Chile Woke Up, and It’s Demanding a New Constitution

Opinion

By Sofia Bifulco

— In the past four weeks Chile witnessed its largest national-scale social mobilisation in recent history, with a record-breaking number of participants: according to official reports on October 25 in Santiago alone 1,300,000 people marched. Following a strike for the price hike in metro fare on October 19, people have been protesting on a daily basis, chanting that they “woke up” from the 30 years of hardship that shaped Chile’s return to democracy. While the country has improved in terms of economic health and poverty reduction since the end of the dictatorship, Chileans still suffer from deep inequality. Now, protesters are demanding  a reduction in the prices of basic needs. 

Their demands relate to problems which are linked by a common thread: they are the result of the set of values embedded in the current constitution imposed in 1980 under the Pinochet dictatorship, a constitution which is considered illegal and non-representative by many. Therefore, it is believed by protestors that the government cannot solve the situation without providing a draft of a new constitution.


People are demanding “Dignity”, understood as an increase in the quality of public education, of the health system, a raise of the pensions and a decrease in the price of light, gas, water and other public services that in Chile are privatised.

The Chilean constitution might be one of the most problematic legacies of the dictatorship era. In the Santiago neighbourhood of Nuñoa, the Chilean Vocal Academy organised a talk open to citizens of different ages hosting  two lawyers, with the aim to educate citizens on what a constitution is. All the participants, including university teachers and even some deputies, considered the current Chilean constitution illegitimate and not representative.

It is considered illegitimate because it was approved in 1980 by a plebiscite, a direct vote of the people, conducted in a state of terror, without the scrutiny being monitored by any external actors. “It was a yes or yes” recalls Javier Correa, citing Orwell’s book 1984 when talking about the state surveillance of the voting process that led to the 1980 constitution. Indeed, the repression of the military against political opponents is famous for its brutality and use of torture.

Moreover, the constitution is considered not representative of the people since it was drafted by the ruling military to a small group made of the economic elite. Because of this, the constitutional text created a hierarchy of values and needs that correspond to the ones of a very small part of society. It is strongly focused on economic neoliberalism – free market trade, privatisation and individualism – without being backed by any state welfare provision for the less fortunate.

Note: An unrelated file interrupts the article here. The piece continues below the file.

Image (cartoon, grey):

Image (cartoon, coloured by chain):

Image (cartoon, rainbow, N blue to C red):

At a reunion held by the faculty of economy of the Pontificia Universidad de Chile, university teachers, entrepreneurs, and economics students agreed that the hyper-privatisation of national goods transformed citizens into consumers. Basic needs, such as water, were sold as commodities that not everyone could afford. Today, living in Santiago one can see that the distance between social classes is such that they are even geographically segregated. In Santiago while most people live in the city, the elites live in luxury houses on top of hills. Most of the protests in Santiago take place in Plaza Italia, which recently changed its name to Plaza de la Dignidad (Dignity Square), a square in the heart of the city where many historical protests took place. Some members of the young elite don’t even know where to locate the square on a map of Santiago.

A combination of factors led the Chilean people to take the streets. The metro fare increase was the tipping point for the majority of the population, amplified by a public statement from President Sebastian Piñera describing the country as an “oasis of well-being” thanks to economic expansion. After exiting a harsh dictatorship, Chileans believe that the current situation is unacceptable and are not willing to stop until “Dignity becomes a habit”. Unlike previous generations, who feared protesting because of the dictatorship’s methods, the Chilean youth has shown by enduring four weeks of teargas and brutal repression by the police that they are fearless and willing to protest.

Mass-scale mobilisations have paralysed the country and caused Chile to cancel two international conventions planned for the coming months. So far, there have been two government measures tasked with addressing demands. After the first week, Piñera implemented a social agenda consisting of a few reforms. After the second week, he replaced eight ministers. People consider the reforms superficial and the newly introduced ministers “members of the same old group of friends”. The demand for the draft of a new constitution undoubtedly entails a long-term project that might take years, but it is beyond doubt that the problem at stake goes beyond the price of things. It is of structural nature. Thus, it won’t be fixed with the short-term supply of reforms, but rather with the draft of a new constitution, voted by a fair plebiscite.

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